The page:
Something discussed in my introductory post on Global AutoCorrect was the frustration of words being autocorrected to the wrong one, or not being corrected at all. A simple way that we can get around this is by adding dictionaries.
To demonstrate, with no dictionaries added, I’m going to intentionally mispell the word ‘metaphysical’, typing it phonetically as ‘metafizical’. You can see that the word remains underlined in red, and doesn’t correct automatically to the right spelling.
So, to combat this, I’m going to add in a dictionary that will definitely know the correct spelling of ‘metaphysical’. Because I study dual honours politics and philosophy, I usually have dictionaries for both subjects working in tandem, but to demonstrate, in this tutorial I have removed all my usual dictionaries.
To add a dictionary, open Global AutoCorrect on your computer, and when it is running either right click on the icon in your taskbar and select ‘open Global AutoCorrect’ or press Ctrl+Shift+G. That opens up the main GAC page…
On the top right of the page select ‘Options…’ which will bring you to the following page:
Select ‘Dictionaries’ from the options at the top…
Type in the subject that you’re looking for a dictionary for: in this case, I’m looking for philosophy, so I type it in and tick the box!…
At this stage you can search and tick multiple dictionaries if you need more than one. After this you can either click OK if you’re done adding dictionaries, or apply if you want to make the changes and continue searching for dictionaries.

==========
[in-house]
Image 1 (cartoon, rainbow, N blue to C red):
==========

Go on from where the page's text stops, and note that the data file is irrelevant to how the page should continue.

The following dialogue box will appear, and if it’s your first time adding dictionaries then press ‘show me how’ to change the autocorrect settings in word and outlook to avoid interference.
Then the smart autocorrect kicks in next I misspell ‘Metaphysical’ phonetically as ‘metafizics’. It also works for non-phonetical mistakes, for example: if I miss a letter out and spell it as ‘metaphyscal’ or any number of close-but-no-cigar spelling mistakes.
It’s worth noting that the procedure for adding dictionaries in GAC for Mac is slightly different: if you left click on the GAC icon in the taskbar, you can press ‘options’ straight from the drop down menu without needing to open the main correction list window first, the process of searching and adding dictionaries is essentially identical.
You can access a free trial of Global AutoCorrect from Lexable’s website. This may be useful if you want to test the software out before asking your Needs Assessor to recommend it for you as part of your DSA package, or if you are waiting for your DSA to come through and would like to be able to use it and familiarise yourself with it now. You can also purchase Global AutoCorrect, but at £364 it isn’t cheap!
Quick user guides and interactive tutorials for Global AutoCorrect on Mac and PC can be found on Lexable’s frequently asked questions page.
I have also written a tutorial on how to add shortcuts and alerts in Global AutoCorrect and a basic tutorial on adding, removing and customising autocorrections.
Thanks for reading,